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Why doesn't this sample code work correctly?

#/usr/bin/perl

$a = "aaa%29";
$a =~ s/%/\\x/g;
print "a  $a \n";
$b = "aaa\x29";
print "b  $b \n";
$c = sprintf($a);
print "c  $c \n";

I want to get three times the same output line.

1
  • The code works correctly, but apparently you are expecting something strange. Which output line do you want, exactly? "aaa\x29" or "aaa)"?
    – gpvos
    Mar 15, 2011 at 9:31

3 Answers 3

5

If you're trying to decode URLs, as I guess, you should use the uri_unescape function from the URI::Escape module.

Or use something like s{%([0-9A-F]{2})}{chr(hex($1))}egi.

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  • 1
    Good point about using pre-build modules for url/uri handling. Much less error-prone than hand-built regexes.
    – Mat
    Mar 15, 2011 at 10:07
5

For the first regexp, you could use:

$a = "aaa%29";
$a =~ s/%([0-9A-F]{2})/chr(hex($1))/gie;
print "a  $a \n";

I have no idea what you are trying to do with sprintf though. (Turn on warnings in your code with either use warnings; or passing -w as an option to perl. The sprintf call is invalid.)

5
  • my first regexp was incomplete, would not match hex values correctly, only digits. corrected.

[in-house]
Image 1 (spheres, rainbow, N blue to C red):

– Mat
    Mar 15, 2011 at 9:53
  • I think he was trying to get the 'aaa\x29' (single quotes) to "aaa\x29" (double quotes) using the sprintf.
    – Konerak
    Mar 15, 2011 at 9:53
  • Now you're matching a bit too much. G-Z are not hexadecimal digits.
    – gpvos
    Mar 15, 2011 at 10:04
  • you're right, i was a bit lax in the checking :-) Thanks for the comment.
    – Mat
    Mar 15, 2011 at 10:06
  • Yes, I expected getting something similar, but I haven't much experience in perl yet.
    – ninjaaa
    Mar 15, 2011 at 10:10
1

'"','\','x','2','9','"' is Perl code for a string literal that creates a one-character string.

'\','x','2','9' is a different sequence, and it's never passed to the Perl parser, much less executed. Furthermore, sprintf doesn't treat "\" specially. All the escapes it knows start with "%".

That's why you're not getting the same output.

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